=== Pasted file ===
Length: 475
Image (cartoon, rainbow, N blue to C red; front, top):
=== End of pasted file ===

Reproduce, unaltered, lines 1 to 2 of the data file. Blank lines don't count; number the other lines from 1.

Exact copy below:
Length: 475
Image (cartoon, rainbow, N blue to C red; front, top):